Methylglyoxal is a major precursor in the formation of advanced glycation endproducts (AGEs), which are known to contribute to vascular complications such as hypertension and arterial stiffness. Methylglyoxal can be detoxified by glyoxalase 1 (GLO1). Because genetic variation in the GLO1 gene may alter the expression and/or the activity of GLO1, we investigated whether single nucleotide polymorphisms (SNPs) in the GLO1 gene are associated with vascular complications.
The study entailed cross-sectional data analyses of the Cohort study of Diabetes and Atherosclerosis Maastricht (CoDAM) study and the Hoorn study, comprising a total of 1289 participants, aged 64.5 ± 8.58 years, of whom 43.5% had normal glucose metabolism, 23.2% had impaired glucose metabolism and 33.3% had type 2 diabetes mellitus. Nine tag SNPs that cover the common GLO1 gene variation were genotyped. Levels of blood pressure and markers of atherosclerosis, arterial stiffness, renal function and AGEs were compared across genotypes.
All genotyped SNPs were in Hardy–Weinberg equilibrium. Prevalence of hypertension and markers of atherosclerosis, arterial stiffness, renal function and AGEs did not differ across genotypes of the nine SNPs. In additive models, SNP18 (rs2736654) was associated with pulse pressure [−1.20 mmHg (95% confidence interval: −2.26;−0.14)] and SNP40 (rs10484854) was associated with systolic blood pressure [−1.77 mmHg (−3.40;−0.14)].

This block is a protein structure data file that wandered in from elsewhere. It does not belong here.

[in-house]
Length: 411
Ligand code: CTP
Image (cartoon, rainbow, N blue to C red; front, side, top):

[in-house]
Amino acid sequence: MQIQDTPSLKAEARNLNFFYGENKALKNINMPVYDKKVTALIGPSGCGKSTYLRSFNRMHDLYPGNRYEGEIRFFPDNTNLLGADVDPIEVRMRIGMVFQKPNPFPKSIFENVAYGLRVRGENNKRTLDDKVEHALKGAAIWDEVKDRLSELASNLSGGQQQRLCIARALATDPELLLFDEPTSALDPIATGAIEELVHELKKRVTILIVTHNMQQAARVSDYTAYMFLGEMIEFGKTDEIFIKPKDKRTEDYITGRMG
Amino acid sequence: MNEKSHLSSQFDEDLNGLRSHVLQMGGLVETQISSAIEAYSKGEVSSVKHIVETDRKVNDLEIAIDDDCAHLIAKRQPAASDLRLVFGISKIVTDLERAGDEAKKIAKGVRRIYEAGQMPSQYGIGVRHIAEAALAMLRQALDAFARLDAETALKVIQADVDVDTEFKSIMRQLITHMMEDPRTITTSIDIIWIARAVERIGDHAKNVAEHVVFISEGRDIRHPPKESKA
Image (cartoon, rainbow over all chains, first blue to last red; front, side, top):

Polymorphisms in the GLO1 gene are not associated with the prevalence of hypertension, markers of atherosclerosis, renal function and AGEs and are weakly associated with pulse pressure and systolic blood pressure (possibly due to chance) in two Dutch cohorts of patients with normal glucose metabolism, impaired glucose metabolism and type 2 diabetes mellitus.
aCardiovascular Research Institute Maastricht (CARIM), The Netherlands
bDepartment of Internal Medicine, The Netherlands
cDepartment of Clinical Epidemiology and Medical Technology Assessment (KEMTA), Maastricht University Medical Centre, Maastricht, The Netherlands
dInstitute for Research in Extramural Medicine (EMGO), VU Medical Center, Amsterdam, The Netherlands
eDepartment of Human Biology, The Netherlands
fNutrition and Toxicology Research Institute Maastricht (NUTRIM), Maastricht University Medical Centre, Maastricht, The Netherlands
gDivision of Human Nutrition, Wageningen University, Wageningen, The Netherlands
Received 16 February, 2009
Accepted 26 February, 2009
Correspondence to Casper G. Schalkwijk, Department of Internal Medicine, Laboratory for Metabolism and Vascular Medicine, Maastricht University Medical Centre, Debeyelaan 25, PO Box 5800, 6202 AZ Maastricht, The Netherlands Tel: +31 43 3882186; fax: +31 43 3875006; e-mail: C.Schalkwijk@intmed.unimaas.nl